High-tech devices improve healthcare
Updated: 2012-04-16 09:21
By Liu Jie in Chengdu (China Daily)
Multinational companies are not alone in their enthusiasm for China's grassroots market. There is increasingly intense competition in key cities, where domestic players are becoming more competitive with new technologies and products, said Hu of Huatai Securities.
In January, China issued its 12th Five-Year Development Plan for the Medical Equipment Industry, which calls for the government to fund large research and development projects conducted by domestic companies and to support industry consolidation.
So far, the government has provided nearly 1 billion yuan to dozens of R&D projects. It will support the development of 10 to 15 large Chinese medical device companies by providing preferential land and taxation, as well as streamlined product registration and approval procedures and public tender rights. The goal is to build eight to 10 medical device giants, each with an annual output worth more than 5 billion yuan.
Shenzhen-based Mindray Medical International Ltd, set up in 1991, has become one of the top 10 Chinese medical equipment producers by sales. Its annual sales are expected to exceed 10 billion yuan by 2015, according to CEO Liu Jie.
Today, the company's products are found in 95 percent of China's major hospitals; its patient monitoring equipment has ranked first in sales for 11 consecutive years. Its latest product - an iPad-like patient monitor - is selling well, both in China and overseas.
Ten years ago, a patient monitoring device was priced at more than 100,000 yuan. Today it costs no more than 50,000 yuan.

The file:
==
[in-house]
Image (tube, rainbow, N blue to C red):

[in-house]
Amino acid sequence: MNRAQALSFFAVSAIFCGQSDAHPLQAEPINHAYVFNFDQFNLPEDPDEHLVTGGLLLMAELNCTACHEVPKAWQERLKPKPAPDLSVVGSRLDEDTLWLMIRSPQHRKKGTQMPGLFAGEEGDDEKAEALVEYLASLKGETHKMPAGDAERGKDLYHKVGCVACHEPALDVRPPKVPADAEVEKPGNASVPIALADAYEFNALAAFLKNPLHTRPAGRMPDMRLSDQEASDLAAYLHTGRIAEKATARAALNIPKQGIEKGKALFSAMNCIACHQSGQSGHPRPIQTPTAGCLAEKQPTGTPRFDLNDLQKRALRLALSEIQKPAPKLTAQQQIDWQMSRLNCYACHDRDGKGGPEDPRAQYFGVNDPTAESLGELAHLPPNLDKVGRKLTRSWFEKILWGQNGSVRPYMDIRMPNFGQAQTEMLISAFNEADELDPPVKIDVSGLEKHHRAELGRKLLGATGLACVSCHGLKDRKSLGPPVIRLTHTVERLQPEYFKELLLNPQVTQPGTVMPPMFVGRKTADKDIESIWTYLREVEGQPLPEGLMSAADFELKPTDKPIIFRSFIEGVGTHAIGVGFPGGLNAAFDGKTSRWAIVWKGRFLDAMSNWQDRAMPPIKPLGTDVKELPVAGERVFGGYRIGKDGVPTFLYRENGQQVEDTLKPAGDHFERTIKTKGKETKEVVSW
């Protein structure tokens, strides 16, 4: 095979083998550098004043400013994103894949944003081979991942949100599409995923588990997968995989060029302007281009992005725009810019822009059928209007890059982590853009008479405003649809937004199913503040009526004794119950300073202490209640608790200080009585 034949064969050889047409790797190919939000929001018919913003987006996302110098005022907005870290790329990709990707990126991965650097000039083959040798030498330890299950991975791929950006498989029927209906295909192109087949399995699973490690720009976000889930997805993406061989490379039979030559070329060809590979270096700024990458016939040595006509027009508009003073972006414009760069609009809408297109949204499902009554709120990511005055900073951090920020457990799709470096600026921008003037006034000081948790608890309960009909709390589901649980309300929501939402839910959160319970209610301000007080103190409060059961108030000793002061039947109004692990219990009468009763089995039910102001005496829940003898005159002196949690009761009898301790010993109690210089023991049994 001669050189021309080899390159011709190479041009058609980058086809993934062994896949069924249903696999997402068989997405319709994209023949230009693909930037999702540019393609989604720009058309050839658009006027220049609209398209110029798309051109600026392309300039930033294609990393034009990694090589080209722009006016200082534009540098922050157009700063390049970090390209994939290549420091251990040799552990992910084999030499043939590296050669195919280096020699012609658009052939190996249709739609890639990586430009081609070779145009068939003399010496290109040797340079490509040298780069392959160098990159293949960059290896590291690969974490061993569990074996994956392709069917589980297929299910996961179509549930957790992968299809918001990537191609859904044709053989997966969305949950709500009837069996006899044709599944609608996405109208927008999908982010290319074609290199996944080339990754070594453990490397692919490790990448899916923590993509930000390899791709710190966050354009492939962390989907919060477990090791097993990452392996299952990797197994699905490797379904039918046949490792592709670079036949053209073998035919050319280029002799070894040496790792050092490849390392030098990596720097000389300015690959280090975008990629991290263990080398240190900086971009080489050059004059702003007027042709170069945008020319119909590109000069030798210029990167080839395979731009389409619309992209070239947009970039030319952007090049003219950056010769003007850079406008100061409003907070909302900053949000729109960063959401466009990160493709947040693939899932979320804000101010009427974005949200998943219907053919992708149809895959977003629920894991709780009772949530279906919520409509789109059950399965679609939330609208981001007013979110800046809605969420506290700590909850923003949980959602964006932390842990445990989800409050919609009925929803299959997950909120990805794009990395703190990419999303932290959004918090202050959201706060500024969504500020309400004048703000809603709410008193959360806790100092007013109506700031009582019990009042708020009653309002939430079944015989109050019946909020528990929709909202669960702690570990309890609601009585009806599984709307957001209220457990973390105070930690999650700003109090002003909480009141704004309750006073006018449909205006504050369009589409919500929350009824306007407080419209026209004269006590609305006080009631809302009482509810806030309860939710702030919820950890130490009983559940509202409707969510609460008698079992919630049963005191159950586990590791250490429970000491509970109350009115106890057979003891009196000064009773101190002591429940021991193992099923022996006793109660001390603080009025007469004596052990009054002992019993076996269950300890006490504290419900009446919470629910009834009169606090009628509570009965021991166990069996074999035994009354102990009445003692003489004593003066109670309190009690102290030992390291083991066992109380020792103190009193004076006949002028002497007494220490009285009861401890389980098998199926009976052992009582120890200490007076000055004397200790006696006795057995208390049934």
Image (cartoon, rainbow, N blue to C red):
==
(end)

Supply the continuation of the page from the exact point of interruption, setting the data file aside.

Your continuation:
"Foreign giants, which dominated China's high-end (medical device) market, did not want to reduce prices. However, they were forced to do so, because our products have the same quality and are priced lower. If they maintain their high prices, they will lose the market," said Liu.
So far, three top international companies, GE Healthcare, Philips Healthcare, and Siemens Healthcare, occupy about 70 percent of China's high-end medical device market.
Mindray, which does business in more than 100 nations and regions, expects its business to grow faster domestically than overseas.
Such advances in technology do not always translate directly into savings or better care for patients, however.
Luo Jiansheng, 56, suffers from cardiovascular disease and usually visits the China-Japan Friendship Hospital in Beijing.
"For a general examination, such as a blood test or an electrocardiogram, the prices have remained relatively stable, compared with the overall inflation of recent years. However, for some complicated tests, such as nuclear magnetic resonance and ultrasonic examinations, the prices have jumped as much as 300 to 400 percent over the last five years," he said.
Luo considered seeing doctors in community clinics or other medium-sized hospitals, but was told that all his tests would need to be done again at the new facility.
"I don't know why I should pay to have the same tests done again and again if I change hospitals," he said.
Li Hongshan, executive vice-president of the Chinese Hospital Association, admitted duplication of services is a problem.
"That's mainly due to the lack of a unified database among medical institutions in China," he said. "On the other hand, we cannot deny that some hospitals are making money (from duplicate examinations)."
In addition to improved medical technologies and devices, many other new products have been developed to make diagnosis more accurate and treatment more targeted. These may help tailor therapies, reducing both the cost and discomfort experienced by patients, Li added.
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